Dutch water technology company LG Sonic has added a new addition to its portfolio to help detect algae blooms in water lakes and reservoirs.
Called the Monitoring Buoy, the solution combines real-time water quality monitoring and cloud software to store and analyse water quality data.
The development takes the proven water quality monitoring system from its MPC-Buoy algae control solution and packages it up as an offering without the ultrasonic treatment.
Lisa Brand, chief technology officer (CTO) of LG Sonic told Aquatech Online: “Algae blooms are increasing globally so fast now, it’s almost everywhere on the agenda. It’s not a local problem.”
She added: “There is increasing awareness for water quality regulators and drinking water treatment plants that manual sampling is not efficient enough to get a better understanding of the potential algae problems in lakes. There is a real need for online and real-time water quality monitoring.”
How does it work?
The Monitoring Buoy is a separate product to the company’s MPC Buoy. However, if algae is predicted and the site wishes to upgrade to a treatment solution, then ultrasonic transmitters can be added.
The monitoring buoy continuously monitors water quality in real-time and delivers the data via radio, GPRS, or 3G to web-based software.
A complete overview of the water quality of one or multiple water bodies is then generated, with the ability to set alerts for changing water conditions.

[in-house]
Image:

The system collects the following parameters: Chlorophyll α (green algae), Phycocyanin (blue-green algae), pH, Turbidity, Dissolved Oxygen, and temperature, with a possibility to include additional sensors.
Artificial intelligence (AI) is then used to predict algal blooms based on water quality data automatically.
“Monitoring is vital to determine which solution is needed,” added Brand. “Not all lakes with algae problems are facing these challenges because of the same reasons.”
Predicting future algal blooms
Brand said LG Sonic is experiencing interest from all over the world, including Australia, Europe, Latin America and the US.
The company has sold over 300 of its MPC Buoys, after the initial test in the US with water utility, American Water, and is now active in 96 countries.
“Some of the drinking water utilities, or lake managers we speak to are already looking at upgrading their monitoring based to predict future algae blooms, even though there are no problems yet,” she said.
LG Sonic’s MPC-Nanobubble technology won the ‘Water Supply’ category in the Aquatech Innovation Awards, with the jury calling it a “very elegant solution”.